Many celebrities, professional athletes and even book authors say that going gluten-free is a healthier way to live or is an effective weight-loss diet. There is no evidence to show that removing gluten from the diet, in and of itself, leads to weight loss. Nor is there a health benefit to eating gluten-free if you don’t have CD, NCGS, or another condition in which symptoms are improved when removing gluten from the diet.

Be Healthy and Gluten-free

Just because a food is gluten-free does not automatically mean it is healthful or helps with weight loss.

While the influx of gluten- free packaged foods on the market has made it easier and more enjoyable to stick to a gluten-free diet, some products (not all) are high in starches, refined grains, fats and sugars and low in nutrients, particularly iron, B vitamins and fiber. Those on a gluten-free diet can best meet their nutrient needs by eating mostly whole foods, saving treats for special occasions and convenience foods for when they are truly needed.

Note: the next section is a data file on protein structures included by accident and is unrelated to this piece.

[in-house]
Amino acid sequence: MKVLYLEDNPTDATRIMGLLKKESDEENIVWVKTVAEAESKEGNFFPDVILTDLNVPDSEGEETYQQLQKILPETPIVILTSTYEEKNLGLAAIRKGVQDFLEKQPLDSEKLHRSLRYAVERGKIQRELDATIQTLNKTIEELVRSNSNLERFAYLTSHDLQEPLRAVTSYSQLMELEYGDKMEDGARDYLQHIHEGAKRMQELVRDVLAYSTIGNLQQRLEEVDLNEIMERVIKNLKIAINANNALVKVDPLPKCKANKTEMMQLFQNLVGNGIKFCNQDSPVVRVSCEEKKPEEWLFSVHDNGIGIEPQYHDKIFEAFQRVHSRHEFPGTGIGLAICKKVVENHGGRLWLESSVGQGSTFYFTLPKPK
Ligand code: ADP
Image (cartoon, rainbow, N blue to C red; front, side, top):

The good news is that the gluten-free market is still in its infancy and food companies are working to make gluten-free products more nutritious through whole food ingredients and fortification.

“Gluten-free” on Food Labels

The U.S. Food and Drug Administration (FDA) issued a final rule defining “gluten-free” for food labeling, meaning that any food product making a gluten-free claim on its package must adhere to the defined standard. Any food product with a label making the claim “gluten-free,” “no gluten,” “free of gluten,” or “without gluten” must contain less than 20 ppm (parts per million) of gluten, the limit considered safe for most people with CD.

For more information on the ruling, please visit the FDA web site.